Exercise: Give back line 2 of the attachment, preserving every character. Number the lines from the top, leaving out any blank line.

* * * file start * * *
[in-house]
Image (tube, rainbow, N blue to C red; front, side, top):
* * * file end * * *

Image (tube, rainbow, N blue to C red; front, side, top):